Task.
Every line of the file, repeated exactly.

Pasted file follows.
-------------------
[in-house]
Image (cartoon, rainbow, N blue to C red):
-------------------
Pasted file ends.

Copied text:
[in-house]
Image (cartoon, rainbow, N blue to C red):